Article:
Regulating Bodies – Power and Control: Why Don’t Men Wear Skirts?

Tacking the ideas from last session we are extending those ideas through how power and control and why dont men wear skirts? Why do we feel the need to act in a certain way, as a way of being constructed?

Extract from Discipline and Punish, Michel Foucault, 1975


We began this session by looking at an extract from Discipline and Punish, 1975 in which explained the concept of the Panopticon. The Panopticon is a type of institutional building designed by the English philosopher and social theorist Jeremy Bentham in the late 18th century. The concept of the design is to allow all inmates of an institution to be observed by a single watchman without the inmates being able to tell whether or not they are being watched. Although it is physically impossible for the single watchman to observe all cells at once, the fact that the inmates cannot know when they are being watched means that all inmates must act as though they are watched at all times, effectively controlling their own behaviour constantly.

I was really intrigued by Foucault’s argument on how much a body is actually controlled for example in a schools, bells which controlled the use of time, timetables to control the placement of bodies, and various systems and rules to follow at all times.

Is visibility a trap? On todays society there is a range of rules and confinments which show how not so free we think we are. Yes, I do believe its important to have a certain degree of control, otherwise, to what point would society get to? Wars? Economy? There are other arguments as to how our bodies are controlled in contemporary society, perphaps not written rules but ways of living and ways we are constrainned, passports, social media, clothing, cars, food, medicine, expectations.

Looking back in time, our body has been controlled in a range of ways, for example religion as the idea of the standard of life both in materialistic things and religion would lead to just rewards which was the concept of heaven and hell. Body in past was controlled through religion. Now, its more complex and pervasive.

Discussing the question, why dont men wear skirts? Why are sexes encouraged into wearing certain items of clothing? In contemporary society we tend to put genders into categories in thing they should do, act, wear and be. Why is it stereopically blue for boys and pink for girls? To me it is really just a bunch of mare questions because, me wanting to wear a certain thing of a certain colour doesnt make me less of a man, or more macho. I remeber when I was on 4th grade and the teacher asking us what we wanted to be when we grew up, and me innocently wanting to be a hair dresser. And God it was motive for laughter and rediculazation, from calling me names that I dont even think 4th graders actually know the meaning of and looking back how secluded I felt and my self-esteem went down to the point my mum had to come to the school several times due to the ridiculous amout of bullying. From that past event, it really affected me of following some of possible career paths (fashion designer, cabin crew – I guess being a potter is masculine enought for society, and in that sense, society wins) I could of had which simply were demmed to be female and homosexual orientated. In a way I feel sad that these views are opposed on people and how really it can affect us in a way we can’t do what we want and in that sense we are controlled and restraint.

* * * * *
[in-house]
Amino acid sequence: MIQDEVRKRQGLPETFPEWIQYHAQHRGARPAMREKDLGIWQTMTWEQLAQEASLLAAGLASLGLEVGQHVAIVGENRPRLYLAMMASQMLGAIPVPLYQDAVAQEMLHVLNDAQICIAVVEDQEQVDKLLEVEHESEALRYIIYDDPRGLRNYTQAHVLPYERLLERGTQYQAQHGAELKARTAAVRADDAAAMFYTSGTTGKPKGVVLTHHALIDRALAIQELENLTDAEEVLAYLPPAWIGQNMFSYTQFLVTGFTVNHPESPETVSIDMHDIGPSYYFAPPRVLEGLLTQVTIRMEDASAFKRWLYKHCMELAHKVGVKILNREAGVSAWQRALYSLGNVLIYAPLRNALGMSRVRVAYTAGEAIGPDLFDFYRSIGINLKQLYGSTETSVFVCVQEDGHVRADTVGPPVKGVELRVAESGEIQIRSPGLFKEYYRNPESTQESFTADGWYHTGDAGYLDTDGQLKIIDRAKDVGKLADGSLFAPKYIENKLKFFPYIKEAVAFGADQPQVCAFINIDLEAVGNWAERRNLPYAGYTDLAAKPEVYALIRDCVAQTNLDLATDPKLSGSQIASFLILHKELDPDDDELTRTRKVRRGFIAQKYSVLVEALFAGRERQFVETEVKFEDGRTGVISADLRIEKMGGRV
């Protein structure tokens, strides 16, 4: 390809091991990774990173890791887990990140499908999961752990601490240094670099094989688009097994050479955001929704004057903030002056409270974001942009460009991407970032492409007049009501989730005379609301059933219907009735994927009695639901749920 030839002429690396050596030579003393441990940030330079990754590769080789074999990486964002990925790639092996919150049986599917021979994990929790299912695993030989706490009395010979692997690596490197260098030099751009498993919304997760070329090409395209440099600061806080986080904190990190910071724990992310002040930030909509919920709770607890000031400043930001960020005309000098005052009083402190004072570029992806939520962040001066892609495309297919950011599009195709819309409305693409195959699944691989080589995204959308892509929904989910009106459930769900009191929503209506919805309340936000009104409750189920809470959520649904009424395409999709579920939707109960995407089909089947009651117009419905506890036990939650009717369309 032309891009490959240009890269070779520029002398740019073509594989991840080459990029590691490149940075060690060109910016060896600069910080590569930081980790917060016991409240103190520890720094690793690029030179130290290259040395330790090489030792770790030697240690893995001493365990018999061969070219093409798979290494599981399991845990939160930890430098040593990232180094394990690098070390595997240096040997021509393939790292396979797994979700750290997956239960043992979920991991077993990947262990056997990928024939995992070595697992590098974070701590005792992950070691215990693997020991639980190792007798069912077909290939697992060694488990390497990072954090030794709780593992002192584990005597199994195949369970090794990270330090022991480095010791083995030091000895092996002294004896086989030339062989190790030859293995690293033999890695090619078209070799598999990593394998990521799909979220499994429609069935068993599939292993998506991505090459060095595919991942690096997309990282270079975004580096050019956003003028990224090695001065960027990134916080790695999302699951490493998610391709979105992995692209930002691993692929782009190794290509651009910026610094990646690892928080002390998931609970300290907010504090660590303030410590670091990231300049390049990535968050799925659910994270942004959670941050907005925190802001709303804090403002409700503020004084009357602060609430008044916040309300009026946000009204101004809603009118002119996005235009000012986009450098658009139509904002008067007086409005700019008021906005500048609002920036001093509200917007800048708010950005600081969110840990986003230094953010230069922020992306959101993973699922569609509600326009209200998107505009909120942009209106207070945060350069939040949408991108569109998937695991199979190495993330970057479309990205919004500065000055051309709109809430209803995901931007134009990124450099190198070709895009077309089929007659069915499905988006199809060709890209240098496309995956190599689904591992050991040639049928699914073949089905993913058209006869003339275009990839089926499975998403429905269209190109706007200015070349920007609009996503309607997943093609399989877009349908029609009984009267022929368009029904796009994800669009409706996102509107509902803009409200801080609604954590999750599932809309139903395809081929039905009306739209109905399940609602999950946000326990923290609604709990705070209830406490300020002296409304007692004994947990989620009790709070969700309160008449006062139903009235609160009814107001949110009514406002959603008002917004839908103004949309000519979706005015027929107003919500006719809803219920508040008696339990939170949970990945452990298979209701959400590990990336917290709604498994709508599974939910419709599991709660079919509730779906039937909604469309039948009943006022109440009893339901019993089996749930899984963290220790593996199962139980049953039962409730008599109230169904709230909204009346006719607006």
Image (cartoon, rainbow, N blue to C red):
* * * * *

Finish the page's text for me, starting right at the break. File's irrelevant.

Looking at an interesting example below of a boy which swapped a toy he had received for his birthday for a doll:


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BA (Hons) Final Year Ceramics student at Cardiff Metropolitan University. Love experimenting with material and techniques and work on a range of medium.

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